In poll-bound Telangana, several Congress leaders have resigned and crossed over to rival political parties in the last few days. Among the notable few who have left are Abid Rasool Khan, former chairman of State Minorities Commission and vice president of Telangana Congress, and Khaleequr Rahman, the National Coordinator of the All India Congress Committee (Minority Department). Both joined rival Telangana Rashtra Samithi (TRS) in the presence of KCR’s son K.T. Rama Rao and caretaker deputy CM Mohammad Mahmood Ali.

According to reports, former Congress MP and cricketer Azharuddin is also likely to abandon the party and join TRS. Later some time, he clarified as still he is in Congress party, somebody spread the rumour. Moreover, Congress leader Abdul Sattar has joined Hyderabad MP-led All India Majlis-e-Ittehad-ul Muslimeen (MIM) along with several supporters.

The primary reason for leaving Congress, many have said, is the “injustice to the minorities in allotment of seats” in the current assembly election. “Congress is not giving tickets to deserving Muslim candidates,” said Khan while talking to #KhabarLive at his residence here in the capital city. According to him, the party is giving tickets to those who have been defeated time and again, people with criminal background and little social standing. “Upright and deserving leaders have been sidelined in the party only to promote those who have criminal cases and are not committed to the core ideology of the party,” added Khan.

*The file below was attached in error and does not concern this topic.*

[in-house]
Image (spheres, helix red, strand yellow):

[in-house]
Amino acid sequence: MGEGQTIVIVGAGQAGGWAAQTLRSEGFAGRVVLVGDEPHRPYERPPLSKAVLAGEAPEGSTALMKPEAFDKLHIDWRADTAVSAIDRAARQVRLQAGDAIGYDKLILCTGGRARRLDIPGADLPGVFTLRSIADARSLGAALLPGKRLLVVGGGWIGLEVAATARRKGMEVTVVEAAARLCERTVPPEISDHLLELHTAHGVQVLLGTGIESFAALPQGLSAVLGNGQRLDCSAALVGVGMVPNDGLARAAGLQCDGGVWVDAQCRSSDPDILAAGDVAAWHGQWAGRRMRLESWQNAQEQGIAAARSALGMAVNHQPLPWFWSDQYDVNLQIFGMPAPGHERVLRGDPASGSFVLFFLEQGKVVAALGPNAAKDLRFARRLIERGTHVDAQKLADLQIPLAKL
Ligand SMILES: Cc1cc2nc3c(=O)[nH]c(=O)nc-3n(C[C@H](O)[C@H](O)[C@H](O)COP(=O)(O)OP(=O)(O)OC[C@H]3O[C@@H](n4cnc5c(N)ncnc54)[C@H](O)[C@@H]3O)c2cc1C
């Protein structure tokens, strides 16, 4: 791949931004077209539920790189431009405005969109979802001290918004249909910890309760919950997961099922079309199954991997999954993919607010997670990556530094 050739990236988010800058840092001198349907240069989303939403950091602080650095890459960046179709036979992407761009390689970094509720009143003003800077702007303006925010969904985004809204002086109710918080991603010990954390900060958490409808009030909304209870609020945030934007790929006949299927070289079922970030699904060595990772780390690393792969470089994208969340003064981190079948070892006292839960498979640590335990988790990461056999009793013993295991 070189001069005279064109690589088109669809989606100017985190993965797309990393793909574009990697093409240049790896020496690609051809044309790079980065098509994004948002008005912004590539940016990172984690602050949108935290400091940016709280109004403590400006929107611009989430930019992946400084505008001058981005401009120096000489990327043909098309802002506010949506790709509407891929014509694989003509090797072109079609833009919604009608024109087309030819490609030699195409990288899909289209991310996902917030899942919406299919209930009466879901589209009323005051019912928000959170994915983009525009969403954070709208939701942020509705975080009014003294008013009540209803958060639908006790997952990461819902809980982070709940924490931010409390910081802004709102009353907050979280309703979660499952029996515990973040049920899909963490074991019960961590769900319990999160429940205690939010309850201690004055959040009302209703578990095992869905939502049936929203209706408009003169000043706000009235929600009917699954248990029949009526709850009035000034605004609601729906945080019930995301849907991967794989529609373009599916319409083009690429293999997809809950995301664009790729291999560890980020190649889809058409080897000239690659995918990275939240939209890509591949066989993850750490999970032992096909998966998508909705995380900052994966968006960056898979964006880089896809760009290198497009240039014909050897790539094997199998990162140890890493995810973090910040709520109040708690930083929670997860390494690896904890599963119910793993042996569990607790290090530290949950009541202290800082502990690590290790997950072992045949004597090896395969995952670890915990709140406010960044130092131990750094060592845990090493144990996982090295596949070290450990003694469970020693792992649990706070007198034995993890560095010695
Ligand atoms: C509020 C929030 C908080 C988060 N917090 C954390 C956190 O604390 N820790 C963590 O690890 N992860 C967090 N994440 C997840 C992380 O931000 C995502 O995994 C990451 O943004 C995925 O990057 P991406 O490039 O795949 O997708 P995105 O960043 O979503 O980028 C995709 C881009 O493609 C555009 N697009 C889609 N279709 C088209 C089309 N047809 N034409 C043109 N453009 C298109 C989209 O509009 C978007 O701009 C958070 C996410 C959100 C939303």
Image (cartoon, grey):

He further accused Congress of behaving like the Bharatiya Janata Party (BJP) when it came to giving tickets to Muslims. “Questions like winnability of Muslim candidates, who will fund them and why should we give tickets to Muslims if they are not winning, show its anti-Muslim approach. These are the same questions asked by BJP leaders when I used to confront them on TV channels about why they not giving tickets to Muslim candidates,” said Khan.

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In his resignation letter to party president Rahul Gandhi, disgruntled Khan wrote, “Sir, you are an honest and secular leader but the party is controlled by Sanghis wearing khakhi within the party, which is to your knowledge.” Khan claimed that before leaving Congress, he wrote several letters to both state as well as national leaders but they remained unanswered.

Rahman, who joined TRS along with Khan wrote in his resignation letter to Gandhi: “I have realised that Muslims are becoming irrelevant in the party and the party would like to utilise them as the vote bank without giving them proper representation and importance.”

According to these two aggrieved leaders, Congress should have given at least 13-14 tickets to Muslims. So far, the party has only given tickets to seven Muslim candidates. Congress is contesting on 94 seats out of 119 seats as part of a grand alliance, Maha Kutami, which includes Andhra Pradesh’s ruling party Telugu Desam Party and Communist Party of India. What is interesting to note is that TRS, the party in which these disgruntled Muslim leaders have put their faith, have allocated an even lesser number of seats to Muslims. Out of 119 seats TRS is contesting, it has fielded just three Muslim candidates.